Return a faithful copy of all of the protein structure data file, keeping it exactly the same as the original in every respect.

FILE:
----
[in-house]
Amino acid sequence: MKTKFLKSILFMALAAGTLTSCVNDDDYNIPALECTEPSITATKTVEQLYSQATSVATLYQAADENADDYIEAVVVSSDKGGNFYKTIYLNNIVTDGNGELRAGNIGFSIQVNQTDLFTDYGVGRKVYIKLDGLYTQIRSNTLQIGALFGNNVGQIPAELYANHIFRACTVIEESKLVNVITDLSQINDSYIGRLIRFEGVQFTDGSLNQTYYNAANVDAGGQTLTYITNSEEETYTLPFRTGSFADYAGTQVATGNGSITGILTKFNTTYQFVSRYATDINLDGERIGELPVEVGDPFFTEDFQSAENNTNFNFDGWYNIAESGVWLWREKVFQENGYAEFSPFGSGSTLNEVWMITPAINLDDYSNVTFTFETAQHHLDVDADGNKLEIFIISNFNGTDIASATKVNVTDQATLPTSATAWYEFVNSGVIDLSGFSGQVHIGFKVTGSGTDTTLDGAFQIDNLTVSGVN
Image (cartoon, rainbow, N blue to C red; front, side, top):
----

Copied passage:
[in-house]
Amino acid sequence: MKTKFLKSILFMALAAGTLTSCVNDDDYNIPALECTEPSITATKTVEQLYSQATSVATLYQAADENADDYIEAVVVSSDKGGNFYKTIYLNNIVTDGNGELRAGNIGFSIQVNQTDLFTDYGVGRKVYIKLDGLYTQIRSNTLQIGALFGNNVGQIPAELYANHIFRACTVIEESKLVNVITDLSQINDSYIGRLIRFEGVQFTDGSLNQTYYNAANVDAGGQTLTYITNSEEETYTLPFRTGSFADYAGTQVATGNGSITGILTKFNTTYQFVSRYATDINLDGERIGELPVEVGDPFFTEDFQSAENNTNFNFDGWYNIAESGVWLWREKVFQENGYAEFSPFGSGSTLNEVWMITPAINLDDYSNVTFTFETAQHHLDVDADGNKLEIFIISNFNGTDIASATKVNVTDQATLPTSATAWYEFVNSGVIDLSGFSGQVHIGFKVTGSGTDTTLDGAFQIDNLTVSGVN
Image (cartoon, rainbow, N blue to C red; front, side, top):